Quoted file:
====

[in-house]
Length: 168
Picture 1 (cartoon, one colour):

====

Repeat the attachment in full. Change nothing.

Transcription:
[in-house]
Length: 168
Picture 1 (cartoon, one colour):